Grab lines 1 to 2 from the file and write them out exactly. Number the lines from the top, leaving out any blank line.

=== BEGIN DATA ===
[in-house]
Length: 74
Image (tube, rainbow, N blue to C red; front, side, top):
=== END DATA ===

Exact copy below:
[in-house]
Length: 74